Author: [AUTHOR] Published on 1/1/2021 12:01:00 AM
Marjorie Z. Imperial, BS, University of California San Francisco, CA
Marjorie is currently working toward her PhD at the University of California San Francisco (UCSF). She is studying Pharmaceutical Sciences and Pharmacogenomics. Her first introduction to clinical pharmacology and pharmacometrics began with a clinical pharmacology internship at Seattle Genetics during her undergraduate studies. She was mentored by an alumni from the chemical engineering program at the University of Washington. There, she learned about the parallels between engineering and PKs and PDs. She became excited about the potential of an “unconventional” career with an engineering degree. After that internship she reached out to the Pharmaceutics Department at the University of Washington and began to work with Dr. Jash Unadkat. They worked on a project studying the PKs of drugs of abuse during pregnancy. In 2015, she joined the Pharmaceutical Sciences and Pharmacogenomics program at UCSF. Now she works mainly in Dr. Rada Savic’s lab developing quantitative tools for global health.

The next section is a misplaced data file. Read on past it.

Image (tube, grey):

Marjorie explains that she has had several mentors who have helped pave the way for her to be where she is now. She is grateful that many of them worked with her even before she started developing an extensive clinical background when she was first introduced to the field. She believes that they have all taught her valuable scientific skills to be a successful researcher. Her relationship with her current mentor, Dr. Savic, has been an immensely rewarding experience. Marjorie has this to say: “She continually challenges me by identifying the aspects that need improvement and providing opportunities that can foster my professional development.”
Leveraging quantitative/problem‐solving skills gained in her engineering training to address clinical relevant questions is of particular interest to Marjorie. She is also interested in pharmacometrics and data science in clinical pharmacology. She wants to continue to discover how machine learning and related approaches can be used to analyze complex drug and toxicity datasets and make better evidence‐based decisions from more individualized treatments to preventive care.
Marjorie joined ASCPT because it is a diverse Society with leading experts from various scientific areas. She enjoys the way that ASCPT showcases cutting‐edge research. She is also grateful for the support and programs that ASCPT provides for young investigators as well as career development and networking opportunities.
Marjorie has been a member of ASCPT since 2017.